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Joyful Leisure: Calligraphy and Paintings by the Qianlong Emperor and Court Officials


Location:Hall of Literary Brilliance (Wenhua dian)

Dates: 2019-04-30 through 2019-06-30

Admission: free with general admission ticket


The special exhibition “Joyful Leisure: Calligraphy and Paintings by the Qianlong Emperor and Court Officials” opened at the Hall of Literary Brilliance (Wenhua dian) on April 30, 2019.

The Qianlong reign (1736–1795) of the Qing dynasty (1644–1911) was a period of territorial expansion, material prosperity, and peaceful development. Consequently, Chinese historians refer to the reign as the Flourishing Age of Qianlong (Qianlong shengshi). Also known by his temple name (a posthumous title) Gaozong, the Qianlong Emperor, in his youth, had been educated in the Manchu, Chinese, Mongolian, and Tibetan languages and cultures and revered Han-Chinese culture. Even in his youth, he understood the importance of literary cultivation and became well-versed in the Four Books and Five Classics (sishu wujing). Proficient in composing various forms of poetry, he was also a talented painter and calligrapher. Known for his elegant demeanor, the emperor held great esteem for historic artists and, when not engaged in the affairs of state, would create his own works of art, many of which have been preserved to this day.


The Qianlong Emperor’s fondness for calligraphy and painting laid an important foundation for the development of the two art forms within the court. He promoted the landscape styles of the Four Wangs and the Changzhou-school approach to painting birds and flowers; he also oversaw great achievements in figure painting. The emperor maintained the practice of traditional model-calligraphy (also known as the exemplar tradition) and guided the court calligraphers in their practice and large-scale development of that art. From issuing edicts to implementing regulations, from composing poetry to producing paintings, the emperor and his officials reflected the social peace and cultural prosperity of the empire.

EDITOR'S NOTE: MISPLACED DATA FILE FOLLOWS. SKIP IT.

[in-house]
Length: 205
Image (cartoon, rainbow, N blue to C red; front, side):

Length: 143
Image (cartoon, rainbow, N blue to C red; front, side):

This exhibition presents over a hundred pieces of the finest works of calligraphy and painting by the Qianlong Emperor and his court officials. Over ninety percent of the works are presented in their original Qing-palace condition, and over half of the items have never before been displayed to the public. The exhibition is presented in the following four sections: The Art of the Qianlong Emperor; Calligraphy and Paintings of the Imperial Clan; Calligraphy and Paintings of Literary Officials; and Poetic Harmony between the Emperor and Officials. The art featured in these four sections reflect the refined pastimes of the emperor, his talented clansmen, and his loyal officials.


The most important works on view include The Qianlong Emperor “Is One, Is Two” (Qianlong di shiyi shier tu) by an unnamed Qing painter, Calligraphic Reproduction of the Three Rarieties (Lin sanxi wenhan juan) by the Qianlong Emperor, Model Books of Calligraphy from the Hall of Three Rarities (Sanxi tang fatie), Sixteen Views of Mount Pan (Panshan shiliu jing tuce) by Yunxi (1711–1758), Calligraphy of the Qianlong Emperor’s Poetry on Reading Changli (Shu Qianlong yuzhi du Changli ji shi zhou) by Zhang Zhao (1691–1745), Memories of the Hall of the Three Rarieties (Sanxi tang jiyi tu zhou) by Dong Bangda (1699–1769), Reproduction of the Song Painting of the Elegant Gathering in the Western Garden (Lin Songren xiyuan yaji tu juan) by the Qianlong Emperor, and Snowy Vista at Mount Pan (Panshan qianchi xue tu juan) by the Qianlong Emperor.

During the exhibition, a full pictorial catalogue of the works on view will be available for purchase. In the catalogue, each work is beautifully presented with high-definition photographs and detailed descriptions.


Translated and edited by Adam J. Ensign and Zhuang Ying

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